Days after the Parliamentary Standing Committee on Information Technology voted on pursuing the issue of data privacy and the WhatsApp breach case, the committee has asked WhatsApp representatives to depose before it on the issue.
The committee is also scheduled to hear cyber security experts and representatives from the Department of Telecommunications (DoT) and Home Ministry, and Delhi’s Chief Secretary on Wednesday. The topic is listed as “citizens data security and privacy”.
In October, The Indian Express had reported about the WhatsApp accounts of 121 Indian citizens being surveilled through Pegasus — a software developed by Israeli cyber firm NSO Group. The group has claimed that it only offers it services to government agencies.
In the committee’s first hearing in November, sharp political differences emerged as BJP members objected to the committee having jurisdiction over the topic, citing parliamentary procedure rules. It is learnt that 12 non-BJP members, including from BJP-allied parties, voted to discuss the matter, while 12 BJP members voted against it. The committee’s chairman Shashi Tharoor broke the tie with his second vote in favour of discussion.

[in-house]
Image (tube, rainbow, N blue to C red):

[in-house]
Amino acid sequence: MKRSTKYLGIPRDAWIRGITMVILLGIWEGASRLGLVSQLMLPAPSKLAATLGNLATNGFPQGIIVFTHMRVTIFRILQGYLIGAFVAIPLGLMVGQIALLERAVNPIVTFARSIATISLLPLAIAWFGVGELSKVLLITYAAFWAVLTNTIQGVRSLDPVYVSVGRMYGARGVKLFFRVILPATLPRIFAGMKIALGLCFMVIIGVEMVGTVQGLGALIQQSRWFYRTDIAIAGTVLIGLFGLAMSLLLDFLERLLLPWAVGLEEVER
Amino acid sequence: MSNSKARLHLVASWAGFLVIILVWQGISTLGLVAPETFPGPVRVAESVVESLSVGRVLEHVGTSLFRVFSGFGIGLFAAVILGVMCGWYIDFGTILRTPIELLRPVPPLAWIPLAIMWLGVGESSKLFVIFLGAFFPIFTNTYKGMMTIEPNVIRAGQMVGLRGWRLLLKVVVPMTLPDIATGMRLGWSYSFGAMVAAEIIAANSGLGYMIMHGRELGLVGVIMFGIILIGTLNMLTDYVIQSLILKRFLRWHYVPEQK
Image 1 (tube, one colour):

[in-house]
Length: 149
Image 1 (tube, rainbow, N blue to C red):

Since the debate took roughly two hours of the meeting, the senior MHA representative had to leave before he could be summoned. Some committee members, who want to know who bought the software from the NSO Group, later commented that the drawn out debate over jurisdiction led the representative, who might have had information on that question, to leave.
At the first meeting, it is learnt that the IT Ministry laid out the known facts of the WhatsApp breach case, and the legal parameters allowing government surveillance of mobile phones.
Certain committee members also said they would seek the direction of the Secretariat to understand if the question of jurisdiction could be re-opened by BJP members, further stalling discussion, as well as the rules around the committee calling upon state officials who might have more knowledge of the breach, given that surveillance at the state level only requires state approval.